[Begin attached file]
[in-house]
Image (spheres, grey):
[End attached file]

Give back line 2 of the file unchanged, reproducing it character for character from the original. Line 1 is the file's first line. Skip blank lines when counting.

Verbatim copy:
Image (spheres, grey):